- I next tried parchment paper: I again fold it to line the interior of the pan—and parchment paper is tough, so you don’t accidentally poke a hole in it or tear it—and then use scissors to cut away the excess height. That worked like a charm: after the cooked frittata cooled, it slid easily from the pan onto the cooling rack, and the parchment paper was easily peeled from the frittata. I’m using parchment paper from now on. King Arthur Flour sells pre-cut sheets of parchment paper (16 1/2″ x 12 1/4″) in 50-sheet packages ($12.95) and 100-sheet packages ($19.95). (These are much easier to use than tearing off a piece from a roll of parchment paper: those tend to curl up so you have to fight them.) I fold one end of the sheet at a right angle so that its edge aligns with the edge of the side, then cut off the excess to produce a square 12 1/4″ on a side: just right to cover bottom and sides of pan. I crease and fold it into the pan, and it has worked perfectly. (Amazon sells cut 8″x8″ sheets of parchment paper with tabs on either side: these did not work at all: sides stuck, and it was a mess.)
I begin by sautéing the onion for a few minutes, then add the greens and sauté them together until the greens wilt. Add salt and a lot of freshly ground black pepper.
I mostly use red chard, and I use the stems as well as the leaves, chopping the stems small and sautéing them with the onion. If you use kale or collards or other greens, do the same thing: mince or chop small the stems and cook them with the rest of the greens.
After the greens have cooked down somewhat, add the roughly cut sausage (and the garlic, if you use that). Crumbling the sausage was a pain, thus the idea of cutting bulk sausage into thin strips, then across into small squares—that makes it easier to break up the sausage in the skillet. With link sausage, simply cut the links into small pieces.
Continue to sauté until sausage is cooked. If you use chopped ham instead of sausage, it will probably releases a lot of water, added to ham to increase tenderness; you then must boil off that water (which is why I have switched back to using sausage).
Once the meat is cooked (and any excess water boiled off), add the turmeric and cook a moment longer, stirring to mix in the turmeric. Turmeric is a powerful antioxidant and it’s a good idea to get 1/2 tsp daily. For 9 breakfast squares, that’s 4.5 tsp = 1.5 Tbsp. Add it at when the sautéing is done since the turmeric tends to stick.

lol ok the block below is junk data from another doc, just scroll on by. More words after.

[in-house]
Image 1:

Turn off heat. Let that cool for a while. (I really like how I get a break in making this; generally I let it cool for an hour or two while I go do something else, but 15-20 minutes is plenty.)
Whisk the eggs with the cream (and Dijon mustard, if you’re using that), then whisk in the cheese and (if you’re using them) the parsley and nutmeg. Once that is well mixed, add the sautéed onions, greens, sausage, and turmeric. Mix well. This whisk works particularly well.
Pour then mixture into the 8×8 pan lined with parchment paper folded to fit the pan.
Bake 35 minutes and test. When you give the pan a shake, the middle should remain still, not jiggle at all. With jumbo eggs I bake for 45 minutes before testing, and they’re generally done.
When the frittata is done, let it sit to cool for 20 minutes or so, then invert the pan onto this 10.5″ round rack, and then stand the rack in this Wilton 9×9 pan, which comes with a snap-on cover—handy for storing the pan in the fridge. The frittata comes out easily from the pan because of the parchment-paper lining, and the parchment paper is easily peeled off the frittata. Let the frittata cool on the rack, then put it in the 9×9 pan, snap on the cover, and refrigerate it overnight. (If you cut the frittata while it’s hot, it’s crumbly and harder to eat out of one’s hand—on the way to work, for example. Thus, refrigerate before cutting.)
The next morning turn it out onto a cutting board. Cut twice vertically to make 3 columns, turn it 90º and cut twice more to produce 9 squares.
- Roast 10 slices of thick bacon in 400ºF oven for 20 minutes or until bacon is crisp. (The thick bacon I buy takes 23-34 minutes.) Let cool, cut into squares, and use that in lieu of the sausage.
- Cut broccoli into florets, steam for 9 minutes, then let cool. You may then want to chop the broccoli a little smaller. Sauté it with the onions in lieu of the greens. Sauté well to drive off excess moisture.
- Sauté 3/4 lb ham steak, cut into chunks, in lieu of the sausage. However, ham nowadays contains quite a bit of water, which you must boil offer before adding to the egg.